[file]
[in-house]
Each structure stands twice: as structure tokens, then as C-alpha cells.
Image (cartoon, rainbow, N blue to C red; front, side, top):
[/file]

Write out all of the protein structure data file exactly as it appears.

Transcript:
[in-house]
Each structure stands twice: as structure tokens, then as C-alpha cells.
Image (cartoon, rainbow, N blue to C red; front, side, top):